4. NOT guilt producing (too expensive or too unhealthy are not good rewards)
5. IS something that feels indulgent or luxurious

I started off with bang, awarding myself for meeting my Valentines' Day word goal with this book of culinary awesomeness:

Admittedly, if I hadn't had the help of a huge Borders coupon and a little Valentines money from the parents, I wouldn't have been able to get it without violating condition #4.

But the point is, that my coupon expired on February 14, and even though I felt tired and lackadaisical and did NOT want to push myself through that last 600 words, I really, really wanted this book, so I made myself do it. And it felt great.

(I won't say anymore about the book right now, since it will probably be the subject of a future review. But I do have to announce that it includes punch-out meat magnets. MEAT MAGNETS!!!! How bizarre and wonderful is that? I suppose vegetarianism would dampen the thrill ...)

At any rate, I will keep you all posted on how the new strategy works out. And now for some minor counting:

Fantasy WIP: 37,780
Pounds left to lose before I enter the heart healthy zone: 3.4 (Eep of happiness!)

A final note:

If you haven't indulged in any Beatrix Potter lately, get thee to Project Gutenberg! I recommend The Tale of Samuel Whiskers, which is slightly gruesome, tongue-in-cheek, and, like all of Potter's work, utterly charming.

Tuesday, February 15, 2011


Here it is, the shiny cover of the first book in Tera Lynn Childs' new Medusa Girls trilogy:

I love the subtle reference to the original myth in the twisting end of the braid - it looks as though it's writhing, about to hiss, but only if you already know the story of Medusa. It gives me a delicious sense of being in the know, and if a cover can do that, I think it's well on its way to being a success!

The Medusa girls are three descendants of the misunderstood (according to Childs) gorgon Medusa. Once ordinary teens, they now find themselves in charge of guarding the portal between the world we know and love, and the realm of monsters.

Sweet Venom will be released October 2011. If you'd like to find out more about the book, check out one of these links:

Sweet Venom Facebook page:
Synopsis on TLC's blog:
Character collages:
Sweet Venom Goodreads page:

Thanks for stopping by! Spread the word!

Monday, February 14, 2011

Update and promo for sneak peek

I can't believe I forgot to write my review yesterday! I'd been thinking all week about what book I wanted to do, and then on the day of, it completely slipped my mind. I think I was too busy luxuriating in being warm for the first time in what seems like forever.

Anyway, I will save the VSB (very special book) for next Sunday, but I wanted to pop on and announce that tomorrow will be a very special day on this blog. I'll be participating in a COVER REVEAL for the upcoming YA novel Sweet Venom by Tera Lynn Childs. The book is the first in a trilogy about teenage descendants of Medusa (how great is that?)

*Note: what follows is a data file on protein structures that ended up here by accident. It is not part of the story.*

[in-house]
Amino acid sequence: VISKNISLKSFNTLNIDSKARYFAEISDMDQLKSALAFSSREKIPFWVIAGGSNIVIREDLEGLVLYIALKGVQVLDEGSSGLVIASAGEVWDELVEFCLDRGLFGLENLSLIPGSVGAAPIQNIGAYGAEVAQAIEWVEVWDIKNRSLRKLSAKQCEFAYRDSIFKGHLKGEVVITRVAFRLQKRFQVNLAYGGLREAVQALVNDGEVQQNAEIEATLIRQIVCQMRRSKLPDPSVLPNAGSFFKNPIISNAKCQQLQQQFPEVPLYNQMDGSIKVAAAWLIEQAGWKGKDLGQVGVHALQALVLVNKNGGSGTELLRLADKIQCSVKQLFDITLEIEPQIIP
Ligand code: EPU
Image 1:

Tera herself is a wonderfully sweet and encouraging person (I've been able to chat with her a couple of times), and I'm delighted to be able to help her out. Her books are perfect beach reading (and believe me, the wrong book ruins your day at the beach) if you're a sucker for lighthearted teen romance - adorable, funny, and definitely happy ending-y.

So tune back in tomorrow for a sneak peek at lovely new cover of Sweet Venom!

Tuesday, February 8, 2011

Review: Son of Interflux

The Superbowl threw off my blogging schedule, but I'm back on track!

Son of Interflux by Gordon Korman, first published 1986, 288 pages

Possibly my most favorite funny book ever. I fell in laugh-out-loud love with Korman's work when I was in middle school, and I've been reading and rereading his classic stuff ever since.

Simon Irving's dad is the vice president of Interflux - the world's largest manufacturer of useless things (useless by themselves, that is. For example: there was the seat, and there was the toilet - Interflux invented the device that connected the two). Mr. Irving sees a brilliant corporate career for his only son, but all Simon wants is to pursue his talent for painting at the exclusive Nassau School for the Arts. And when he finds a way to screw Interflux by buying a crucial piece of development land with the school's party money, he suddenly finds himself leading the highly talented and wildly eccentric student body in a crusade against the powerful corporation - and his own father.

I can't decide whether what I love most are Korman's crazy characters, his sense of comedic timing, or his eye for the ridiculous. Take heart breaker Sam, who could have any girl in school and gets himself kicked out of art class because he can't stop painting camels. Or Mrs. Irving, who tries one diet after another and drives her family to the haven of Burger King. And then there's Simon himself, a lovably average guy who screws up his second, third, fourth, and fifth chances with the girl of his dreams. Put them all together and I laugh until I cry. Ultimately, Son of Interflux is a celebration of creativity, friendship, and the utter unpredictability of life.

Wednesday, February 2, 2011

In which I persevere, despite not having much to count

I was, in fact, tempted to skip this week's counting session, since the numbers are rather depressing, but avoiding a cold, hard fact never did anyone any good. And besides, if I skipped it, I wouldn't get to post this lovely picture of my role model!

Pounds to lose to next reward sticker: .4 (Argh!)

Fantasy novel word count: 33, 063 (could be worse)

Dickens project word count: 1,785 (groan)

There, that's over with! And hopefully, next week's counting will be more prosperous. Until then, may your checkbooks balance the first time, every time.